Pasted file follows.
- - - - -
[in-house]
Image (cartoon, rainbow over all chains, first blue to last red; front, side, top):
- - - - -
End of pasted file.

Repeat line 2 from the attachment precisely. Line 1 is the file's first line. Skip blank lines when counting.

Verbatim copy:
Image (cartoon, rainbow over all chains, first blue to last red; front, side, top):